Gurdjieff was born (circa) 1866, to a Greek father and an Armenian mother in Armenia near the border of Russia and Turkey. With a naturally enquiring mind and teachers that encouraged his insatiable questioning about the meaning and significance of life, the young Gurdjieff journeyed to monasteries and schools of awakening in remote parts of Central and Eastern Europe, Asia and the Middle East, searching for answers that neither traditional religion nor modern science alone could offer him.
Eventually, Gurdjieff came to realise that the search itself, when rightly conducted, is the principal spiritualizing force in human life, what one observer has termed “a transforming search,” rather than a “search for transformation.”
Gurdjieff then began expounding his ideas in Russia in 1912. In 1914, he was joined by the philosopher P.D. Ouspensky who was later to produce the most faithful account of Gurdjieff’s teaching under the title of “In Search of the Miraculous.”
At around the same time, Gurdjieff was also joined by the famous Russian pianist and composer Thomas de Hartmann. Working in a unique collaboration they produced in three short years a body of some three hundred works and now known as the “Gurdjieff/de Hartmann music.”
Gurdjieff never sought merely to outline a philosophical system. Rather, in his direct work with pupils he mercilessly resisted the role of guru or teacher and would excoriate those who fawned after him. Gurdjieff understood that nobody is able to teach another person anything, but that one can create conditions for teaching to take place. It was under these special conditions that Gurdjieff was able to break through the crust of emotional and intellectual associations to allow the true voice of conscience to eventually emerge.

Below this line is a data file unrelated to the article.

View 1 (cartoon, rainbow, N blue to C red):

Gurdjieff provided guidance to his pupils until his death in 1949 and has left a legacy that still exists in an unbroken line in centres of Work around the world to this day.
Before his death in 1949, Gurdjieff entrusted the task of transmitting the teaching to his closest pupil, Jeanne de Salzmann with a small circle of other pupils in France, England and America who acknowledged her leadership. Under the guidance of Madame de Salzmann, the first centres of the Work were established in Paris, London, New York and Caracas. Other centres have since radiated from them to major cities of the Western world including Sydney Australia. All these centres maintain close correspondence with the principal centres and in the case of Sydney the group has developed under the personal guidance of first-generation pupils of Gurdjieff.
Gurdjieff groups that maintain a direct line to the origin of the teaching exist in each specific location under the name of “The Gurdjieff Foundation” or “The Gurdjieff Society."